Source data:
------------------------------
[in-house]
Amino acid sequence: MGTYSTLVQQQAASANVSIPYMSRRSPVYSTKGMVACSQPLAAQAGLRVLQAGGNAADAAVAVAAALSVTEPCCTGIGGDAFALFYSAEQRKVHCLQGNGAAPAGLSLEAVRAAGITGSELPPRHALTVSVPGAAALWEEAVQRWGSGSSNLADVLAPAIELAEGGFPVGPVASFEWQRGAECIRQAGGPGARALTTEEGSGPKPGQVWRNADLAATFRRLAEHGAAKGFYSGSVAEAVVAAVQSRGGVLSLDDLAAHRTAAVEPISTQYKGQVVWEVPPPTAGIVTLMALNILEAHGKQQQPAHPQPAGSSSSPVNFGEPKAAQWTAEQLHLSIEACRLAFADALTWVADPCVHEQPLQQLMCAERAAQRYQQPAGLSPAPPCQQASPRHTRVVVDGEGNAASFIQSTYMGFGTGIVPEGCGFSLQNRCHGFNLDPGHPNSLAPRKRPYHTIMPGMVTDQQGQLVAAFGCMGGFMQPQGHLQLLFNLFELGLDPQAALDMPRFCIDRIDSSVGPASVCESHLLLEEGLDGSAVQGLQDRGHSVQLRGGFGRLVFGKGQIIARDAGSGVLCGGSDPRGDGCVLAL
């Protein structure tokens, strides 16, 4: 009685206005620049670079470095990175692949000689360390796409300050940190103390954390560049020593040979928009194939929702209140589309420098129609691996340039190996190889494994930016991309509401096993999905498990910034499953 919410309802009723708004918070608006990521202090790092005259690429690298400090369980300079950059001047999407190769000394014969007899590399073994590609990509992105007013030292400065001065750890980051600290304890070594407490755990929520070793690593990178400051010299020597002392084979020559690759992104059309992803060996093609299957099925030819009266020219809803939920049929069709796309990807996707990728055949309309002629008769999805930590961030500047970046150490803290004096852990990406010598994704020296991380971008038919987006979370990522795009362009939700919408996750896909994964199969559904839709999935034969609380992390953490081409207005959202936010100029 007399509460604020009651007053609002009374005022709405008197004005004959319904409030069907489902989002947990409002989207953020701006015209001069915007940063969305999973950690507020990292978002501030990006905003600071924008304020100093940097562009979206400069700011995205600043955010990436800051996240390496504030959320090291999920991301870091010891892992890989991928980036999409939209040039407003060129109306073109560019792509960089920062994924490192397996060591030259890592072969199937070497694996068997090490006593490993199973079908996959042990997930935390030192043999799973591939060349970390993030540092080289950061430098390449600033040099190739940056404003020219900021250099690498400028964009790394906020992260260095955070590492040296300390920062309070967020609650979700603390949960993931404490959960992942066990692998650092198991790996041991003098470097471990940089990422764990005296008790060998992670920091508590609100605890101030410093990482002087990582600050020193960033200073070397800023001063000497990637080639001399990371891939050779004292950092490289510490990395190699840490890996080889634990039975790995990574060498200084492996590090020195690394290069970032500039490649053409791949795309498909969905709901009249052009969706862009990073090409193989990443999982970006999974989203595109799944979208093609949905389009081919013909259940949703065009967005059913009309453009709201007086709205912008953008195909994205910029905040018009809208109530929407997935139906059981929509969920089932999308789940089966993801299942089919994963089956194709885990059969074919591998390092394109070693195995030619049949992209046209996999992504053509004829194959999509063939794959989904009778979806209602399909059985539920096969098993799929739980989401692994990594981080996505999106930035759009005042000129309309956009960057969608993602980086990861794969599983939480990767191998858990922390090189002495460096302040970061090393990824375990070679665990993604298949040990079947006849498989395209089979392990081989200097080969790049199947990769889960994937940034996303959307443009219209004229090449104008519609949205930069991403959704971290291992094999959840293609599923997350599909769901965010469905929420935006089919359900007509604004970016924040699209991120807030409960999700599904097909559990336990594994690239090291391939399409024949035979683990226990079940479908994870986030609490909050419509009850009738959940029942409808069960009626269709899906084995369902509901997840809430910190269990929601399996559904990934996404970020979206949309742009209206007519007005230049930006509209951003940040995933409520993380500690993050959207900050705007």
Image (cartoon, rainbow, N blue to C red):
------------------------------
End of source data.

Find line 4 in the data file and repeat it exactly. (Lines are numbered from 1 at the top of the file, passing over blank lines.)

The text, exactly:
Image (cartoon, rainbow, N blue to C red):